U.S. National Security Advisor John Bolton stood today in Miami’s Freedom Tower — a building famous for housing Cuban refugees fleeing political oppression — and praised the election of the neofascist wannabe dictator of Brazil, Jair Bolsonaro. Bolton, who also labeled Cuba, Nicaragua, and Venezuela the “Troika of Terror,” praised the election last week of the former Brazilian army officer who has promised to torture adversaries, resurrect the country’s former dictatorship, and murder 30,000 of his own people.
Bolton, the most right-wing member of President Trump’s lizard-filled cabinet, called Bolsonaro a “like-minded leader,” according to drafts of the speech leaked to the media.
Bolsonaro, who drew the most votes in the election this past Sunday, was long considered too insane and fringe to be a serious candidate in Brazil, but thanks to a combination of “fake news” right-wing media campaigns using WhatsApp in Brazil, a series of soft coups against left-wing leaders Dilma Rousseff and Luiz Inácio Lula da Silva, and a breakdown of the general economic order propping up the Brazilian economy, Bolsonaro seemed a reasonable option to many Brazilians.
But he campaigned, quite literally, on spilling Brazilan blood. Much like Filipino strongman Rodrigo Duterte, Bolsonaro has promised to mobilize police and paramilitary squads to shoot dissidents and “criminals” on sight. He has promised to “purge” left-wing “outlaws.” In the 1990s, he repeatedly endorsed the idea of ruling Brazil through a military dictatorship. He once dedicated a legislative vote to one of the former thugs who tortured ex-President Dilma Rousseff when she was fighting the country’s then-extant dictatorship. He has repeatedly threatened to attack LGBTQ+ people and once joked he’d rather his son died in an accident than come out as gay. He also once joked that a woman was too ugly to rape. He has called Adolf Hitler a “great strategist,” threatened to kick human-rights activists out of the country, admitted to using public money to “get laid” and hit on women, and repeatedly said he plans to kill his enemies. Last, he plans to “bulldoze” Brazil’s favelas (shantytowns full of poor people trapped in dire conditions) and has said he will let logging companies cut down the Brazilian rainforest, which provides nearly a quarter of the world’s oxygen.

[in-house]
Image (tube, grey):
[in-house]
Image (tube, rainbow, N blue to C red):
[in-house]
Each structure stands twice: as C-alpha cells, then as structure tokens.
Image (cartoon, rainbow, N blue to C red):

“I’ll give carte blanche for the police to kill,” Bolsonaro said at a 2017 event in Deerfield Beach.
Bolton just called Jair Bolsonaro a “likeminded” partner in Latin America whose election should be seen as a “positive sign”
— Jesus Rodriguez (@jesusrodriguezb) November 1, 2018
There are obvious reasons Bolton would call the new Brazilian leader a “like-minded” ally.” Bolsonaro has again and again praised Trump, and many of Bolsonaro’s cultlike supporters wore “Make America Great Again” gear during the Brazilian election cycle. Trump has already called Bolsonaro to congratulate him on his win. He has been repeatedly called the “Trump of the Tropics,” but that descriptor honestly doesn’t do the new leader justice — his rhetoric has been far more violent and antidemocratic than even Trump’s.
Bolton arrived at the Freedom Tower today to announce a series of sanctions against Cuba, Nicaragua, and Venezuela, three countries led by leftist leaders. Those nations have their own issues with political oppression and state-sponsored violence. But, to be frank, the leaders of those three nations have not come close to promising the sort of open bloodshed that Bolsonaro supports. Thus, Bolton’s new “Troika of Terror” label is obviously a hollow attempt to make Trump look tough before the midterm elections next week. (It’s also a rip-off of George W. Bush’s “axis of evil,” which included Iraq, Iran, and North Korea.) It has nothing to do with protecting actual human rights.
It would be foolish to expect anything less of Bolton, who has worked since the Reagan administration to push the United States into launching wars against just about anyone who looks at the United States in a strange way. But the idea that Bolton was allowed to stand in a publicly funded building in the heart of Miami and praise a would-be murderous dictator is nonetheless a travesty.